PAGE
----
About 1.4 million to 1.6 million sockeye out of an estimated run of 10 million returned to the river in 2009, leading the federal government to call an inquiry led by B.C. Supreme Court Justice Bruce Cohen.
But Les Jantz, who is the co-chair of the department's Fraser River panel, said Thursday the offspring from the 2009 run are now making their own way back up the Fraser, and the department estimates those numbers could hit four million.
"Obviously it shows a sign of rebuilding when you go from 1.6 million to something, you know, that's going to probably end up over four million," he said. "That's a reasonable return.
"Fraser sockeye have had some highly variable return rates over the years, so this isn't one of the better ones, but it is an improvement."
Jantz said sockeye in 2010 returned in near-record numbers -- 30 million by some estimates -- and the department is seeing an improving annual trend in marine survival, and its scientists hope those numbers will continue into the future.
Still, the news isn't all good for the 2013 run, and the fishery has been closed since the second week of August because of high water temperatures and poor river conditions.
In fact, Jantz said the mortality rate of returning sockeye is expected to hit 70 per cent.
Tom Hlavac, a spokesman for the department's conservation and protection branch, said since Aug. 16, officers have seized 10 vessels and 66 nets, and 29 investigations of fisheries offences are underway.
He said he doesn't have any accurate number of fish seized, but those numbers are "piling up pretty quickly."
Jeff Grout, the department's regional resource manager for salmon, said while officials have some conservation concerns for summer-run sockeye, migration conditions are improving, and fish are arriving on the spawning grounds in good condition.
Grout said the department wants to target more abundant stocks of pink and chinook, especially in cases where the impacts on sockeye can be reduced.
In fact, Jantz said the department now expects 16-million pink salmon to make the run this year, up from an estimate of 14 million, and officials expects further increases.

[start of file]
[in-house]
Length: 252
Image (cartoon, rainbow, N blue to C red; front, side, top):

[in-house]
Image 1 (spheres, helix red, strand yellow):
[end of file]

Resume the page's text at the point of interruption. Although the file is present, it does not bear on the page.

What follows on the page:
Grout said First Nations will be able to catch chinook on the lower Fraser during a food-social-ceremonial fishery starting Friday, but the department still wants to see sockeye released unharmed.
He said a recreational fishery allowing the retention of pink, chinook and chum will also take place in the tidal portion of the Fraser River below Mission, B.C., but above the city the fishery will allow the retention only of pink and chum.
The department is also looking at re-starting a commercial fishery for pink salmon using selective gears like seine and troll boats because there's a "good ability to release sockeye alive and unharmed."
Ernie Crey, an adviser to the Sto:lo Tribal Council, said it's good there's been a marginal improvement in the runs, but the salmon will still face stressors as they return to the spawning beds, and the question remains how many will be able to spawn successfully.
"We're not out of the woods yet, they're not out of the woods yet, and the fish are not out of the woods yet," he said.
Crey criticized the federal government for not creating a response to the Cohen Commission and urged caution.
Cohen's report was delivered in October 2012, was more than 1,000 pages and made 75 recommendations.
During almost a year and a half of hearings, Cohen heard from 160 witnesses, and compiled 14,000 pages of transcripts. There were 2,100 exhibits entered at the inquiry that sat from August 2010 to December 2011.
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